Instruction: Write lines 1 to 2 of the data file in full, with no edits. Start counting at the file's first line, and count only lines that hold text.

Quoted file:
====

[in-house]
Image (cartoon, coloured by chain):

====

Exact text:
[in-house]
Image (cartoon, coloured by chain):